Cotabato City, Philippines – On the 20th day of the Islamic holy month of Ramadan, heavy rain flooded the southern Philippine island of Mindanao. This is the heartland of the separatist Moro Islamic Liberation Front’s (MILF) armed struggle. As the noon call to prayer echoed through the village of Limbo, the nearby Rio Grande river overflowed, and more than 40,000 people fled their homes. The rebel stronghold of Maguindanao province and nearby Cotabato City declared a state of emergency.
For residents caught in the flood, however, the recent bursts of violence in the region proved to be just as worrisome. At least six people were killed in a powerful bomb blast near a hospital and school in Cotabato on Monday, August 5. At time of this report’s publication, no group had yet claimed responsibility for the attack.
A July 26 bombing killed eight people in Cagayan de Oro, a major city 250km north of Cotabato City. Reports blamed the incident on the breakaway rebel group Bangsamoro Islamic Freedom Fighters (BIFF), which later clashed with the military on July 30, leaving eight of its members and a civilian dead. Some fear these incidents could scuttle ongoing negotiations between the government and rebels.
But as the month of Ramadan draws to a close, the main rebel group, MILF, and their followers, said they are praying that the talks, already reportedly at an advanced stage, would result in a final agreement by 2014. That deal could give the area a homeland and a separate government, and would end a conflict that has killed 120,000 people over the past four decades. Negotiations will resume in mid-August in Malaysia after Eid al-Fitr, the celebration of the end of Ramadan.
Von al-Haq, a senior rebel commander overseeing the ceasefire, denied his group’s involvement in the attacks. He said MILF would not sabotage a peace process that has a real chance of success.
“Our hands are clean,” Haq told Al Jazeera. “We have orders to observe and respect the supremacy of the peace process, and that no-one will intervene or participate in any malicious act against the government.”
Haq blamed the latest incidents on the “spoilers of peace”.
Ameril Umra Kato, BIFF leader, is a former MILF special unit commander, who was expelled from the group in 2011 for opposing the talks with the government. Kato, who is now in his mid-60s, trained as a cleric in Saudi Arabia.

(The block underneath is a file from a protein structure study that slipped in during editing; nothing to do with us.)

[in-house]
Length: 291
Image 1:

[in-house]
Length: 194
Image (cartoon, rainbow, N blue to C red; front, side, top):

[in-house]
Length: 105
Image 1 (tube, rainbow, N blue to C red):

Dickson Hermoso, an army spokesman, said the BIFF is “hell-bent on derailing” the talks.
Still, there is no turning back on the peace process, Haq said. “We are very optimistic that our peace efforts would bring a solution to the Bangsamoro problem, and hopefully it will be realised soon,” he said.
He was referring to the piece of land in Mindanao taken over by Spanish colonisers that was not returned to the mostly Muslim native population when the Philippines gained its independence in 1898. Bangsamoro comes from the words bansa [“nation”] and Moro [“Muslim”]. That unresolved dispute gave birth to the armed Muslim insurgency in the 1970s, during the dictatorship of Ferdinand Marcos.
Inside rebel territory
Inside Camp Darapanan, the main rebel base, residents said they share Haq’s confidence.
In a visit to the camp, Al Jazeera met Malhatam Abu and his friends, who were taking advantage of the lull in fighting to watch a basketball game on television at an eatery owned by a fellow rebel. Abu, who became a fighter at 18, lost two of his uncles to the war.
“It was a mess here,” said Abu, now aged 47. “I hope there’s no more fighting. They need to talk until they reach an agreement.”
|Philippines, Muslim separatists reach peace deal|
Outside the shop, 52-year-old Aida Mokadam was keeping an eye on her four-year-old granddaughter, Shainie, while holding her four-month-old grandson, Ajid. She recalled how her family would constantly move to escape the fighting.